A Safe Place

Once upon a time, I went to one of the richest, most affluent churches in the city where I lived. It was filled with up-and-coming folks with nice, sharp clothes and straight, white teeth. They had manicured nails and name-brand shoes and shiny cars. I wasn’t any of those things. I was poor, pudgy, and worked jobs that just brushed the top of minimum wage. My clothes were clean, but well-worn—a little faded and kind of shiny around the cuffs and hems. My teeth weren’t straight—on my paycheck, I couldn’t afford dental work. My car squeaked and squealed and had rusty, dull spots. But they invited me to teach a Sunday school class anyway.

I put a lot of work into the Sunday school class I was teaching. I didn’t just sit down on Saturday night and slap together a bunch of verses. I studied and worked on my lesson all week—and tried to live it out, as well. I would ask God what He wanted those students to hear on a Sunday and then would listen, painstakingly writing down His answer.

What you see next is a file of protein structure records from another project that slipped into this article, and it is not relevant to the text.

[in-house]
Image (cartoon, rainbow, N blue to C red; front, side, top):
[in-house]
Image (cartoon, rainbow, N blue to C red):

One Sunday morning, I stood up in front of the class and talked to them about Nehemiah. Nehemiah knew that his people were sitting in the middle of the desert, in a busted down city with broken down walls. And he knew that they weren’t safe there. He knew that without walls, they were sitting ducks for whoever wanted to prey on them. He helped the people rebuild the walls so that they would have a safe place to live. A refuge. A sanctuary.

That Sunday morning, I told my class that God wants us to be like Nehemiah. This world isn’t safe. But if we build our hearts into safe places, then people can come to us to be loved and to feel safe. They will have a refuge and a sanctuary. But I warned my class that many of the people that need safe places may not look like us. They may look different or act different than we do. But that’s okay because we all need and deserve a safe place to go. We all deserve to be loved. We are all the same in the eyes of God.